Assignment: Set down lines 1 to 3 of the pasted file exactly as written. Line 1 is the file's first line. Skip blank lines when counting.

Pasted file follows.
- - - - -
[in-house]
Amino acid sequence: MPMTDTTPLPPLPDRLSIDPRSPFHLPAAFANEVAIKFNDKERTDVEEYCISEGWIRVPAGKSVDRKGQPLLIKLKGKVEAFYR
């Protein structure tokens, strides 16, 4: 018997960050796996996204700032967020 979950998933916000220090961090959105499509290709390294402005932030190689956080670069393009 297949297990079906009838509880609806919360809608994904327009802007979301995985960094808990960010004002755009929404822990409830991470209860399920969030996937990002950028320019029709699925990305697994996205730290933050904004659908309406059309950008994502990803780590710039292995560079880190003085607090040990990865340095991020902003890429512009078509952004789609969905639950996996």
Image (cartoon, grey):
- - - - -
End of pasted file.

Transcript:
[in-house]
Amino acid sequence: MPMTDTTPLPPLPDRLSIDPRSPFHLPAAFANEVAIKFNDKERTDVEEYCISEGWIRVPAGKSVDRKGQPLLIKLKGKVEAFYR
């Protein structure tokens, strides 16, 4: 018997960050796996996204700032967020 979950998933916000220090961090959105499509290709390294402005932030190689956080670069393009 297949297990079906009838509880609806919360809608994904327009802007979301995985960094808990960010004002755009929404822990409830991470209860399920969030996937990002950028320019029709699925990305697994996205730290933050904004659908309406059309950008994502990803780590710039292995560079880190003085607090040990990865340095991020902003890429512009078509952004789609969905639950996996």